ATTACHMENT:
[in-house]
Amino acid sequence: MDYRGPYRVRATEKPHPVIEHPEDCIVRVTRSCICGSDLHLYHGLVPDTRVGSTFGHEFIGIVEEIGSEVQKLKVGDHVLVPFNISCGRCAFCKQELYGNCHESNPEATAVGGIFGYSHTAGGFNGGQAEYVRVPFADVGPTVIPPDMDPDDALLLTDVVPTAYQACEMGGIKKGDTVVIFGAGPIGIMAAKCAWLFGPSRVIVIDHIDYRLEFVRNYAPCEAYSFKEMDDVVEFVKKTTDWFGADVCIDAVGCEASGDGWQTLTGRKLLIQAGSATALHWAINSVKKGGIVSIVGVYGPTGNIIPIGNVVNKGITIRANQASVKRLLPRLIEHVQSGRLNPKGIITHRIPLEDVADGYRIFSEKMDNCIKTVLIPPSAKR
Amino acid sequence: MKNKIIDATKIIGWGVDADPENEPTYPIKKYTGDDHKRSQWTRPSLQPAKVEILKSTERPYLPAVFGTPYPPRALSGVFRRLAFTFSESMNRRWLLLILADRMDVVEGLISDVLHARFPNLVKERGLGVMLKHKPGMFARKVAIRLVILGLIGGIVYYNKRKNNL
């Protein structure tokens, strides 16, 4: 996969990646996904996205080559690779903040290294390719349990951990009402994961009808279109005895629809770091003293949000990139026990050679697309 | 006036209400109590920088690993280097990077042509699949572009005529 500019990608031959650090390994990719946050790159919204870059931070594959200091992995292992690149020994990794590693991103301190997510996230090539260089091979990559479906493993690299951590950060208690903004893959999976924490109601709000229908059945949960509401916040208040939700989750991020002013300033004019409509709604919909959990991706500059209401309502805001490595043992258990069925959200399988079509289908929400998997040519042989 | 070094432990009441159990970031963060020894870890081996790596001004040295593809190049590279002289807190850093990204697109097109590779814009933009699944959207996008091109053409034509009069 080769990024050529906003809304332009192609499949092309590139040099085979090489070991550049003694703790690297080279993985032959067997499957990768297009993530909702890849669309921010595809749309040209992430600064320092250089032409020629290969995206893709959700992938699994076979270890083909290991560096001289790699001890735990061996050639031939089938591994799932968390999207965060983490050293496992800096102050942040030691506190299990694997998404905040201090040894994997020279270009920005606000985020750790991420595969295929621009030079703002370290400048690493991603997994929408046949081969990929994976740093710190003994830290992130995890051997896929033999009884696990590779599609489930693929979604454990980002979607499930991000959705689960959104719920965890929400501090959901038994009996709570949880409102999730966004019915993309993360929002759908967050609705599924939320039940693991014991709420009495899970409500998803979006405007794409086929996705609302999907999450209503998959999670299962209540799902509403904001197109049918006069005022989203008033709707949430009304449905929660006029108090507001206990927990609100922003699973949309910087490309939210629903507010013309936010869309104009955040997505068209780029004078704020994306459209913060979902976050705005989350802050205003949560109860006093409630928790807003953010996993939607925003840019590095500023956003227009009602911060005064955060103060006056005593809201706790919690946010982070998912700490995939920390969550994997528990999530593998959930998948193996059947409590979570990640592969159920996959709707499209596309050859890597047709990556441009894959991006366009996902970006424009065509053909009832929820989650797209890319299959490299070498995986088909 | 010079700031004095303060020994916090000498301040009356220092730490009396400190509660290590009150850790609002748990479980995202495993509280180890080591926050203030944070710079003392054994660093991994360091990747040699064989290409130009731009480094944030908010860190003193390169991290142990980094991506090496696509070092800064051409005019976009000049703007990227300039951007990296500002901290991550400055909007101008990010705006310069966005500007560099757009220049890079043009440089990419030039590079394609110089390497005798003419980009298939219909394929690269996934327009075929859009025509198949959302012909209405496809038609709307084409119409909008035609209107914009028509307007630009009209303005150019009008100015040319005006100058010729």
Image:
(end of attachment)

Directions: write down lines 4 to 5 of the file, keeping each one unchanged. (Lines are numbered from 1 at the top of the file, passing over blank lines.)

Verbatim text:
């Protein structure tokens, strides 16, 4: 996969990646996904996205080559690779903040290294390719349990951990009402994961009808279109005895629809770091003293949000990139026990050679697309 | 006036209400109590920088690993280097990077042509699949572009005529 500019990608031959650090390994990719946050790159919204870059931070594959200091992995292992690149020994990794590693991103301190997510996230090539260089091979990559479906493993690299951590950060208690903004893959999976924490109601709000229908059945949960509401916040208040939700989750991020002013300033004019409509709604919909959990991706500059209401309502805001490595043992258990069925959200399988079509289908929400998997040519042989 | 070094432990009441159990970031963060020894870890081996790596001004040295593809190049590279002289807190850093990204697109097109590779814009933009699944959207996008091109053409034509009069 080769990024050529906003809304332009192609499949092309590139040099085979090489070991550049003694703790690297080279993985032959067997499957990768297009993530909702890849669309921010595809749309040209992430600064320092250089032409020629290969995206893709959700992938699994076979270890083909290991560096001289790699001890735990061996050639031939089938591994799932968390999207965060983490050293496992800096102050942040030691506190299990694997998404905040201090040894994997020279270009920005606000985020750790991420595969295929621009030079703002370290400048690493991603997994929408046949081969990929994976740093710190003994830290992130995890051997896929033999009884696990590779599609489930693929979604454990980002979607499930991000959705689960959104719920965890929400501090959901038994009996709570949880409102999730966004019915993309993360929002759908967050609705599924939320039940693991014991709420009495899970409500998803979006405007794409086929996705609302999907999450209503998959999670299962209540799902509403904001197109049918006069005022989203008033709707949430009304449905929660006029108090507001206990927990609100922003699973949309910087490309939210629903507010013309936010869309104009955040997505068209780029004078704020994306459209913060979902976050705005989350802050205003949560109860006093409630928790807003953010996993939607925003840019590095500023956003227009009602911060005064955060103060006056005593809201706790919690946010982070998912700490995939920390969550994997528990999530593998959930998948193996059947409590979570990640592969159920996959709707499209596309050859890597047709990556441009894959991006366009996902970006424009065509053909009832929820989650797209890319299959490299070498995986088909 | 010079700031004095303060020994916090000498301040009356220092730490009396400190509660290590009150850790609002748990479980995202495993509280180890080591926050203030944070710079003392054994660093991994360091990747040699064989290409130009731009480094944030908010860190003193390169991290142990980094991506090496696509070092800064051409005019976009000049703007990227300039951007990296500002901290991550400055909007101008990010705006310069966005500007560099757009220049890079043009440089990419030039590079394609110089390497005798003419980009298939219909394929690269996934327009075929859009025509198949959302012909209405496809038609709307084409119409909008035609209107914009028509307007630009009209303005150019009008100015040319005006100058010729």
Image: